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Consumers are multi-channelling, and multi-listening

Understanding the consumer has become a rather important discussion in boardrooms across the globe and right here in South Africa.
Locally we rely mainly on qualitative research to help us make the technical and crucial decisions that support advertiser strategies and brand presence or engagement.

We dig deep into various media tools and research, and apply layers of information that will help us build a case that "resonates" and "relates" to the consumer and through this insight, hopefully make brands relevant in a particular audience environment. In the radio advertising space we have become so involved in the fact that digital media is booming & people are multi-channelling or multi-screening that we see other radio stations as competitors rather than part of the radio offering.

In essence as media owners we are competing for share of mind in the consumer headspace and if we apply general knowledge and logic, it's easy to see that we have forgotten what radio is all about and that each station does in fact have a unique offering. Be it the presenters, the language, the presentation style etc, the audience demand from each station will always be different due to the nature and behaviour of people.

What do listeners want?

In order to keep radio alive and correctly analyse the effects of radio advertising on the consumer, we need to firstly understand the consumer demand from each radio station and then their total demand from radio. This will help us put the radio engagement as a total product offering in perspective and then perhaps we can start to segment consumer needs by radio station, not just demographics.

I am assuming through general knowledge and understanding of the radio industry, that there is in fact a large "silent majority" of radio brands in South Africa that do not shout harder or louder in terms of their successes etc. hence leaving a gap in the market that allows the competition to tap into. So this "competition" is sometimes related to poor marketing and reputation management rather than the audience size and demographics. In addition, with the radio category itself growing and enhancing the digital boom, media within the category should be more concerned about the growth of their specific genre, their implementation, and consumer value proposition.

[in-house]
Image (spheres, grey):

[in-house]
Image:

Don't overlook the 'opportunity'

Radio media owners spend a large proportion of time trying to configure the consumer media mix which is excellent in the growth of the medium along with new media; however, by looking outside the category completely, you may overlook the opportunity. My suggestion would be that we start enhancing this "multi-listener" and embracing the fact that this person does consume other radio channels and through this insight, develop a plan to engage with him/her not exclusively, but rather more regularly and for longer. After all the efficacy in an advert relies mainly in recall and a consumer can only recall an ad if they were paying attention.

To pay attention, consumers should not be tuning in and out but rather be listening for a set period of time. Having said this, it is important to place your radio brand among the competition, time your reach, and then through the timing, talk about "your" place in the radio media mix, and then the multi-media mix.

About the author

Claudelle Naidoo is an Audience Insights Specialist for a leading multi-media organisation.
Fatima Khan
Its time we started looking inside the box before we go outside, if we can't define what's inside, then why start looking somewhere else! I work in radio and for the last 5 years could not justify why the competition is better and greater and louder, and yet I have always maintained that we will never be better but we can be partners and still have key USP's. So thank you for this, I hope that this opens up a healthy thought process going forward for the radio industry.
Posted on 15 May 2014 23:24